Thomas Jones Wants More Dough

Usually when the phrase "rites of spring" are attached to sports baseball is the subject. A less rosy scene associated with the phrase, however, is the one where a NFL player refuses to take part in a team's offseason workout program because they are unhappy with their contract. It's playing out right now between Thomas Jones and the Jets.

Jones has missed the first two days of the Jets program and, according to Rich Cimini of the Daily News, his agent, Drew Rosenhaus, approached the Jets about a renegotiation at the draft combine. Jones is set to make a base salary of $900,000 this season, with a $100,000 workout bonus that he's jeopardizing right now. He's due to receive $5.9 million in 2010, but none of the money is guaranteed.

Now, $900,000 sounds like an awfully low salary for a guy who lead the AFC in rushing in 2008. But Jones made $13.1 million over his first two years with the Jets, which makes an average annual value of more than $4.5 million. That's a lot more reasonable, especially when you consider that he was mediocre in 2007. In fact, it says a lot more about an upgraded offensive line and fullback than it does of Jones.

You know when Jones should have raised his concern about only making a possible $1 million in 2009? Before he signed the contract.  He's also going to be 31 when the season starts, a perilous age for NFL running backs. He and Rosenhaus should have considered before agreeing to a contract that front-loaded the majority of the money, and placed more than a quarter of its total value in unguaranteed money due after he's on the wrong side of 30.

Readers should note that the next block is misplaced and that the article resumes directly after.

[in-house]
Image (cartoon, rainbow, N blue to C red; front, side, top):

If any Jets running back is in line for a new contract, it is Leon Washington who will be playing out the final year of his rookie deal in 2009. Jones has zero leverage. His workout bonus is on the line right now, he'll be fined if he skips mandatory workouts later this offseason and he'll be the one who has to pay back part of his signing bonus if he refuses to report to camp. The Jets gain nothing, and lose valuable cap space, if they cut him now. If he wants to sit out, they can replace him with Washington, a veteran free agent and a draft pick.

Might their running game suffer? Sure, but it might be less productive this year than last anyway.  

Josh Alper is a writer living in New York City and is a contributor to and in addition to his duties for

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